The path for light touch combines features of the above two pathways. It partly remains uncrossed until it reaches the level of the brain stem, and partly crosses over at lower levels. This is why light touch typically is spared in unilateral spinal cord lesions; there are alternate routes to carry the information.

All the above sensory pathways eventually cross over and terminate in the thalamus. From there, they are relayed to the sensory area of the cerebrum. A lesion of the sensory area of the cerebral cortex may result in a contralateral deficit of all the above sensory modalities.

Proprioception-stereognosis has a conscious and an unconscious component. The conscious pathway, mentioned above, connects with the thalamus and cerebral cortex, enabling you to describe, for instance, the position of your limb. The unconscious pathway connects with the cerebellum (the cerebellum is considered an unconscious organ) as the spinocerebellar pathway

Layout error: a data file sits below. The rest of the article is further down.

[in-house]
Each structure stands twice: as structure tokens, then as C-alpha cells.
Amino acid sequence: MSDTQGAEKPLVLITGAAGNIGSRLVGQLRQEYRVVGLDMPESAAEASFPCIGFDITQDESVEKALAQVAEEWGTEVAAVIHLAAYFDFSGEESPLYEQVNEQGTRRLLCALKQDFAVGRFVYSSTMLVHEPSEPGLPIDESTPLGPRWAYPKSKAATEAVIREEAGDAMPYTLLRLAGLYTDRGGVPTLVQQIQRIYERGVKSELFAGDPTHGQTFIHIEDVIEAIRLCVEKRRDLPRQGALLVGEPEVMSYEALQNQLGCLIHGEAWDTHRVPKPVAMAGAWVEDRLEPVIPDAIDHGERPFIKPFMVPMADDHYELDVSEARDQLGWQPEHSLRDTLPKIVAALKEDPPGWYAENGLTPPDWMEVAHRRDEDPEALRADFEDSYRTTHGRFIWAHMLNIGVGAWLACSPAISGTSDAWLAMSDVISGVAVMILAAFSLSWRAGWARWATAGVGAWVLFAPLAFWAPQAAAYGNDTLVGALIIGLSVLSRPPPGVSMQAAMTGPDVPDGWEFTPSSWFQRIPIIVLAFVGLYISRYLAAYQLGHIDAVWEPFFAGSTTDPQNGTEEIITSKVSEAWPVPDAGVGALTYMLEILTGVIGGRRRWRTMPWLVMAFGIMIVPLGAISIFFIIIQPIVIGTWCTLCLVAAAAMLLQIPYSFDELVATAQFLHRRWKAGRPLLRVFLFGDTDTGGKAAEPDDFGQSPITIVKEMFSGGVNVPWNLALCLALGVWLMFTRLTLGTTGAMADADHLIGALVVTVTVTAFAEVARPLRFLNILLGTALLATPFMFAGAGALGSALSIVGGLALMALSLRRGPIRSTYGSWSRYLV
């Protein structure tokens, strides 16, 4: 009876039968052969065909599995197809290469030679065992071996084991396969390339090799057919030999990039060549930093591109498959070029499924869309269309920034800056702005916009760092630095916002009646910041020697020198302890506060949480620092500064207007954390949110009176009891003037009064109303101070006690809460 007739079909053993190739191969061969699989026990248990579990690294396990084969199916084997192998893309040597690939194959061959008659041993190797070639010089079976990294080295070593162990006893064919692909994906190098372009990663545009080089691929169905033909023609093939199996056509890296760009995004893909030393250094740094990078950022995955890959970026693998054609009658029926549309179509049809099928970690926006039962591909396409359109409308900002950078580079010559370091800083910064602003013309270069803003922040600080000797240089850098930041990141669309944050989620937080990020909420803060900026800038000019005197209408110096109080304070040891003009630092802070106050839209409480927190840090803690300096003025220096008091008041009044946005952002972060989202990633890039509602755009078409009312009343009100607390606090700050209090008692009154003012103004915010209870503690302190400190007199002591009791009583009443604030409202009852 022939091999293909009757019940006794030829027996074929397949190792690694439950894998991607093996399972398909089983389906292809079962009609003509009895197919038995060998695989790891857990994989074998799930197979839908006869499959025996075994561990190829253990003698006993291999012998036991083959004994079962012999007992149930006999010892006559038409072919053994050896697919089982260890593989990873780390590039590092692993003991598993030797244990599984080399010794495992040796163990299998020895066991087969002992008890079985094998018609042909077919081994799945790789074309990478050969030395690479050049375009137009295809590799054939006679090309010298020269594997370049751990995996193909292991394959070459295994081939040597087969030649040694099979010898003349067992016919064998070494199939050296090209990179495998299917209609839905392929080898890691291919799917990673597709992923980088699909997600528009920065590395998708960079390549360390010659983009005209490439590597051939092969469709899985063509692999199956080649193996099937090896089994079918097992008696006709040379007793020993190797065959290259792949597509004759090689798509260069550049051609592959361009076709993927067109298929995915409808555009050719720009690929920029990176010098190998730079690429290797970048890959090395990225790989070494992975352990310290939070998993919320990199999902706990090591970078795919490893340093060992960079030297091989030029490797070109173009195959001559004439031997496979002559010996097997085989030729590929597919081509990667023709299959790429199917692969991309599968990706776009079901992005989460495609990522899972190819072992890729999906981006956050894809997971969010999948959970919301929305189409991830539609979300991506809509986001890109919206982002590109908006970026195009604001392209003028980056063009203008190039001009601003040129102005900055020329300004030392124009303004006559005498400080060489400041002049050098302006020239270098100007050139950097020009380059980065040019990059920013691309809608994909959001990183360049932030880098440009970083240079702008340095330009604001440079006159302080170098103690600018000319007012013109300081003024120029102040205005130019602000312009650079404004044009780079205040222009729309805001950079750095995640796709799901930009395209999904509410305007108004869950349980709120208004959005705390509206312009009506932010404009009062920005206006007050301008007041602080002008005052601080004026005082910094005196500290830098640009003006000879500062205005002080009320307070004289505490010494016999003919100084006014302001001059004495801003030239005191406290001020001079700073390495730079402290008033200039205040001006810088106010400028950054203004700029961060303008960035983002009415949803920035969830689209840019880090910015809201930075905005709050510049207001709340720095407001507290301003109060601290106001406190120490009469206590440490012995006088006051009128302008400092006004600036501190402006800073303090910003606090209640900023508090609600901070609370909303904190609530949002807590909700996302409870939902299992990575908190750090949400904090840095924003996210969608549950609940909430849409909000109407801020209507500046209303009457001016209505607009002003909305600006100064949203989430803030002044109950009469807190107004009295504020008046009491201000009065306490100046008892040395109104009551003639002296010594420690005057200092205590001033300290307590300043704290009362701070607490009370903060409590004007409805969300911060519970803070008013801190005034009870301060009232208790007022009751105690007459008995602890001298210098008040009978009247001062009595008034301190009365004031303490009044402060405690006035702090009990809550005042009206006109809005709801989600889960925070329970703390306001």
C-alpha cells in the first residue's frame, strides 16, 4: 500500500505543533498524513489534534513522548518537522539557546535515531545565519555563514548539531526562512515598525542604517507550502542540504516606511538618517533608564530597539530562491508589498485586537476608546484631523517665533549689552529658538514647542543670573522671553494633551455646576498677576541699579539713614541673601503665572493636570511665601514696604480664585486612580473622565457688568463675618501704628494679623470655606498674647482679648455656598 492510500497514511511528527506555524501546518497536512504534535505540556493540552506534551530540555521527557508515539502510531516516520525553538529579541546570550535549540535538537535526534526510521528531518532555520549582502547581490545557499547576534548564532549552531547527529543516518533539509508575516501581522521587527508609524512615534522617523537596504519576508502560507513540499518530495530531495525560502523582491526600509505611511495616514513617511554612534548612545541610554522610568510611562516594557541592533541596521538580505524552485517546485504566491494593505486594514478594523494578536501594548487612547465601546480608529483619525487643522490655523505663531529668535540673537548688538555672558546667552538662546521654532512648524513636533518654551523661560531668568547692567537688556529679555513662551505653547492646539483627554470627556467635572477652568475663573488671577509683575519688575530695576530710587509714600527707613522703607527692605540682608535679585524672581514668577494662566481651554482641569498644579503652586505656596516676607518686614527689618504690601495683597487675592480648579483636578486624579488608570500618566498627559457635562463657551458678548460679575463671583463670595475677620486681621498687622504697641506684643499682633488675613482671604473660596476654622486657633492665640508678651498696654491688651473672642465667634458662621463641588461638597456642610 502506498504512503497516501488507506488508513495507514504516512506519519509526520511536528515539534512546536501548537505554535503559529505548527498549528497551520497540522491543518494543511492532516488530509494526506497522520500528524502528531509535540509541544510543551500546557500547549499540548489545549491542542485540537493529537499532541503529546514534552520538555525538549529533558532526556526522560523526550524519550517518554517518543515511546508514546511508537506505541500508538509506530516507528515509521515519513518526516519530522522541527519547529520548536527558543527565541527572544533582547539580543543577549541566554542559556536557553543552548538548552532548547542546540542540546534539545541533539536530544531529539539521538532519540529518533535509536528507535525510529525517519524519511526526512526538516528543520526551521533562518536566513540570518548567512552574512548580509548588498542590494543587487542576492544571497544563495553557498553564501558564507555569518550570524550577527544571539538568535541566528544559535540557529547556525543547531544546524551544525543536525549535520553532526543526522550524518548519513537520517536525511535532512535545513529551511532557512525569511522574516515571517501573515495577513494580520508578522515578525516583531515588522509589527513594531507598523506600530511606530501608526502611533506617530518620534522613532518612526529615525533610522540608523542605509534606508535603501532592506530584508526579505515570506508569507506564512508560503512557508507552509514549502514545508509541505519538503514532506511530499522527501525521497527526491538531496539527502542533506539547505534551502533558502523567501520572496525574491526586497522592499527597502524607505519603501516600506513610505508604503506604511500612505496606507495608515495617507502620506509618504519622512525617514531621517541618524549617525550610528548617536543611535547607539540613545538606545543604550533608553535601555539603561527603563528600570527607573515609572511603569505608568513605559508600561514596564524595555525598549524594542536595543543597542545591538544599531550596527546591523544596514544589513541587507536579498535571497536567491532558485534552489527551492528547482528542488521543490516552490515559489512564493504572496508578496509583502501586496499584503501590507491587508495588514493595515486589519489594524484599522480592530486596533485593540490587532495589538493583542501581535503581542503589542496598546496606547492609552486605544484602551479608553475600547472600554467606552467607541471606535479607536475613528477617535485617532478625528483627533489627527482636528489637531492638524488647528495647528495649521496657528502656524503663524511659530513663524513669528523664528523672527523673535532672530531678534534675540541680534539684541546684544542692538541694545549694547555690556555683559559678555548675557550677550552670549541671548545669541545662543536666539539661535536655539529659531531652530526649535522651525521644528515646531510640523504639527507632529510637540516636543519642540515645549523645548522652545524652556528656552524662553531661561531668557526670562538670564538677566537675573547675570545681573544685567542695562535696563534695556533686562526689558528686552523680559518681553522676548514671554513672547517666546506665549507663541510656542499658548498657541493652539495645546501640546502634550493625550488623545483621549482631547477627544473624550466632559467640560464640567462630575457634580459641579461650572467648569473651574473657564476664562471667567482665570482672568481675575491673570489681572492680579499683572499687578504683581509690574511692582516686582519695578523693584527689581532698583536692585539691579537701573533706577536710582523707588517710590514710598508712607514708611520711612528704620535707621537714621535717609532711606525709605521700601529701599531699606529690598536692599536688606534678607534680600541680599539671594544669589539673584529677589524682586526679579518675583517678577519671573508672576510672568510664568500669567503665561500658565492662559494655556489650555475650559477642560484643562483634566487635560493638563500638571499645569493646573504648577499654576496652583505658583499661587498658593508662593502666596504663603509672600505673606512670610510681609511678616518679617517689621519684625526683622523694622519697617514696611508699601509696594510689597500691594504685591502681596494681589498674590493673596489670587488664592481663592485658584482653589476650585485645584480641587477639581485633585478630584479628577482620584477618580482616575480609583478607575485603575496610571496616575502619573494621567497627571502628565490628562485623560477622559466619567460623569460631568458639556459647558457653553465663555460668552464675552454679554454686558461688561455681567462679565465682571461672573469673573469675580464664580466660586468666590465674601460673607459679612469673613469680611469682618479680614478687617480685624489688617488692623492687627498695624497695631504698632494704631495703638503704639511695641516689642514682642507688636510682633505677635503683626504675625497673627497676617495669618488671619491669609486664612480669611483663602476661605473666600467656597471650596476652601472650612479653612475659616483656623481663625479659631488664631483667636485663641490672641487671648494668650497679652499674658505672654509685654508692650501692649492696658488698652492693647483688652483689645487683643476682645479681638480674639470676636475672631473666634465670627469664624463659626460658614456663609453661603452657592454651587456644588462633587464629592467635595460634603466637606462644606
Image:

Posterior Spinocerebellar Tract
Fig. 17 The spinocerebellar and corticospinal tracts. S., superior cerebellar peduncle; M., middle cerebellar peduncle; I., inferior cerebellar peduncle. UMN, upper motor neuron; LMN, lower motor neuron.

and enables you to walk and perform other complex acts subconsciously without having to think which joints are flexed and extended (Fig. 17). (In this book where it is stated that a patient presents with "proprioceptive loss," this refers to loss of conscious proprioceptive sensation, as tested by asking the patient to describe the position of a limb.)

Unlike the other sensory pathways, which cross contralaterally, the spinocerebellar primarily remains ipsilateral. In general, one side of the cerebellum connects with the same side of the body. Thus cerebellar lesions tend to produce ipsilateral malfunctioning, whereas cerebral lesions result in contralateral defects.